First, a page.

In a recent debate at the Oxford Union, Peter Tatchell spoke in support of the motion “A University Should Not Be a Safe Space”. The gay rights rights campaigner justified his rejection of such a policy by claiming that it would allow a self selected group of people to set the parameters of acceptable speech, consequently excluding those who dissent from their appointed limits.
Of course, it seems sensible that people have the right to freely associate with one another; to form a society with goals, aims and dogmas, and to withhold membership from people who don’t support these. To say otherwise is to attack a fundamental of any thoroughly liberal democracy.
In a sense, entering a university is about entering such an association. Arguably however, the goals, aims and dogmas of a university should not be constituted by any particular theory of morality or politics, as this would necessarily exclude those who dissented; such exclusion is anathema to what many consider the purpose of a modern university to be.
The catalyst which lead to the establishment of the first university safe spaces was noble; protecting vulnerable people from ideas they found harmful and offensive. Despite this commendable aspiration, the cost of implementing a safe space policy as a university wide initiative is too great. If such a strategy were enforced, we end up protecting those who claim vulnerability at the cost of the pursuit of ideas which may or may not be true.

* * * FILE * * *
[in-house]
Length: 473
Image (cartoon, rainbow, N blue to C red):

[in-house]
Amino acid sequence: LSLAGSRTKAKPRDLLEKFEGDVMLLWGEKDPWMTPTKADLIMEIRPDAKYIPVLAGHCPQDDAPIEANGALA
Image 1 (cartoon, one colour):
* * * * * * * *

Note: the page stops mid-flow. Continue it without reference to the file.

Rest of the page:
Ditching the pursuit of truth so as to protect the holder of a particular dogma from offence is a reversion to something we often celebrate having left behind. It is a positive development that a religious test act no longer applies to those entering a university; I say no longer, because less than 150 years ago, members of English universities were expected to assent to the truth of the Articles of Religion. In effect, a similar policy existed at Dublin University until the late 1800s, meaning that many nonconformists and Roman Catholics wouldn’t matriculate and couldn’t take high office at Dublin for fear of transgressing their conscience.
Enacting a safe space policy at university would be the reintroduction of a test act by the back door. Instead of priests insisting on a system of absolute values which must be assented to, we could see secular clergy, appointing the limits of their orthodoxy, which must be upheld to enter their sacrosanct institution. This would be a retrograde, illiberal step which would achieve nothing but the protection of a minority of easily offended people, and the stifling of a large swathe of opinion.
Instead of shutting down dissent in some forms, a university should encourage it in all forms, in the pursuit of truth, even when ideas being discussed appear offensive or dangerous to some. This should be the guiding goal, aim and dogma of the contemporary university; it’s what a university is for. Many particular ideas can thrive alongside one another in a variety of free associations. At Dublin University members of the LGBTQI+ community and their supporters can meet at QSoc; people of any given religious conviction can network through their own religious societies, and Marxists can meet in the English School! These microcosms of thought, these microcosmic safe spaces, all have rightful place within the macrocosm which is the modern university. None of these particular strands of interest however, should have the right to determine entry into the macrocosm, neither should any have the right to police another’s discussions in the name of safe space. To claim otherwise is to desire a less vibrant, less liberal university.